“Generations come and generations go, but the earth remains forever.” Ecclesiastes 1:4
It is a gorgeous day in late May. My parents are here from Florida for a week, school is out and summer vacation has begun, freeing me from my teaching duties. My son is mowing the lawn and my daughter is playing with our two dogs, Chestnut and Annie. I, as usual, am in the kitchen adjusting the herbs and spices in the large amount of potato salad that I’m preparing for the barbecue we have for family and friends each year. My mother has been undergoing treatment for a rare autoimmune disease, but is responding well and we are hopeful that she will be cured. Basking in the love, smiles and sunshine, I savor these moments and imagine that life will continue on this way forever.
That was fifteen years ago… This afternoon, among the falling leaves of autumn, I walked down to the pond to visit my parents’ graves under the large hickory tree. Gazing at their gravestones, I remember my mom’s happy chatter as we washed the dishes together and my dad’s dry humor as he chided me for missing a crumb while wiping off the dinner table. I also recall their last days and wish I had been able to ease their suffering. I miss them so much.
Earlier this morning I talked to my daughter in upstate New York. Both she and our son are now married and living in other cities. We see them occasionally and speak to them over the phone often. On this overcast October day, as I walk alone from the pond through the pasture, I can still hear children laughingly calling the dogs to come play. It isn’t the same now. Those days are gone forever.
As we see the progression of and changes in our lives, we all at some point question the purpose of our existence. In the short term, purpose can be found in our relationships with friends, family, community or work. But, friends leave, children grow up, parents die, communities change, and careers end. All that is left is the same question that has haunted and driven mankind since the beginning of time: What is the meaning of it all?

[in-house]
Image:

In Ecclesiates 9:9 Solomon said, “Live joyfully with the wife whom thou lovest all the days of the life of thy vanity, which He hath given thee under the sun, all the days of thy vanity”. We are commanded to live joyfully. This excludes living with guilt, fear, avarice, jealousy, and hate. These emotions are all expressions of the ego, the self, and do not lead to joy. Are all of the desires and conflicts we experience worth the regrets and losses that we must later suffer? Is there a way we can change our attitudes, and ourselves in the process, to live joyfully and give joy to others?
This same verse also reminds us that our days are “vanity.. Life passes quickly for each of us and nothing we can do of ourselves will insure that we, and those we love, will live on forever. To think otherwise is prideful delusion. King Solomon, in his great wisdom, concluded that the whole duty of man is to fear (love and respect) Yahweh and keep His commandments. When we do this, we will live with gratitude, gladness and hope – despite our troubles – and, by our example, encourage those around us. We will also inherit His promise which is engraved upon my mother’s headstone; a promise we can hold onto: “He will wipe every tear from their eyes. There will be no more death or mourning or crying or pain, for the old order of things has passed away.” Rev. 21:4
by: Debbie Reed